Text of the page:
Olympians Will Receive Hand-Knit Cashmere Bouquets Rather Than Flowers on Beijing Medal Podium

The flowers are part of the Beijing Olympics organizers efforts toward sustainability

Beijing Olympic Games
Photo: The Olympic Games/Instagram

Olympians competing in the Beijing Games next month won't receive the typical flower bouquets given to athletes who make it to the medal podium. Instead, they'll be given something more sustainable and long-lasting.

Beijing Olympics organizers revealed details of the medal ceremony this week, which will include customized mascot gifts for the winning athletes, in addition to their new hardware.

They'll also be gifted hand-knit bouquets made of cashmere to honor the Beijing Games organizers' goal of practicing sustainability. The knitted bouquet will mimic six real types of flowers: roses, Chinese roses, lilies of the valley, hydrangeas, laurel, and olive branches.

According to a release, the chosen flowers symbolize friendship, tenacity, happiness, unity, victory, and peace.

Organizers have also designed special uniforms for the medal presenters to wear during the ceremonies. Three separate sets of costumes have been created, including jackets, hats, boots, gloves and self-heating thermal underwear.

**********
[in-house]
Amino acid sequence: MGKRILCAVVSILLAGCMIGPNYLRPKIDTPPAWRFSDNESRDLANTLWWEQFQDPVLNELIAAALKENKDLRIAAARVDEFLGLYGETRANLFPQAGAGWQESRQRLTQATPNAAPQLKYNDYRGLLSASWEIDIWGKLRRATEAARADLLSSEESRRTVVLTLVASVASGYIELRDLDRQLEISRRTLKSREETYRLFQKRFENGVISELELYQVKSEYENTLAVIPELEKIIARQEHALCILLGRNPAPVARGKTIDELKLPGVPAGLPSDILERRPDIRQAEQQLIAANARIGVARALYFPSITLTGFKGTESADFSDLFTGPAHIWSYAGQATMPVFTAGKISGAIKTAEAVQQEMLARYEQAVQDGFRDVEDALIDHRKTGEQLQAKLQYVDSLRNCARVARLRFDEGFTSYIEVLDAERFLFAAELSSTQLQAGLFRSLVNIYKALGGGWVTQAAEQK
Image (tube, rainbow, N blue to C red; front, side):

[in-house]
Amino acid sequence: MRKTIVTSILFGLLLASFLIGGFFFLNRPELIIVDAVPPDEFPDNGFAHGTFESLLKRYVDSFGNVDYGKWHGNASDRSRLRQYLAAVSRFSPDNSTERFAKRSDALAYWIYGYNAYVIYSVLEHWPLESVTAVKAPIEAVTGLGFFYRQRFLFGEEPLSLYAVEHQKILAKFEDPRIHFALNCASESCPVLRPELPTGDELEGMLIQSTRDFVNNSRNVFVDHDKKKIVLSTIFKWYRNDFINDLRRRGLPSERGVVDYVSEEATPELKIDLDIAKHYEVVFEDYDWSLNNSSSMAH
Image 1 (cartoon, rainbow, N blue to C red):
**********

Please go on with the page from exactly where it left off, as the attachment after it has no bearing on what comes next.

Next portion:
The costumes are designed for the different competition venues. For example, a design based on the two Chinese traditional symbols of "snow" and "clouds" will be worn for snow competition medal ceremonies.

The Games are still moving forward despite the rapid spread of the omicron COVID-19 variant, though International Olympic Committee member Dick Pound told USA Today on Monday that he is "worried."

"I don't think these things are postponable," he explained. "In almost every respect the arrow has left the bow. They're going to start Feb. 4 and it would take a real upset of some sort to change that."

Continued Pound, the most veteran member of the IOC, "I think there will be uncertainty surrounding the Games in the public, as far as the ship sailing, but right now, the lines are cast off and the boat is leaving the dock, unless Armageddon happens and public health authorities say we lock down every country. At that point, it changes the entire paradigm."

Updated by
Lindsay Kimble

Lindsay Kimble is a Senior Digital News Editor and the Sports Editor for PEOPLE Digital. She's worked at PEOPLE for over seven years as a writer, reporter and editor across our Entertainment, Lifestyle and News teams, covering everything from the Super Bowl to the Met Gala. She's been nominated for the ASME NEXT Awards for Journalists Under 30, and previously wrote for Us Weekly while on staff at Wenner Media.

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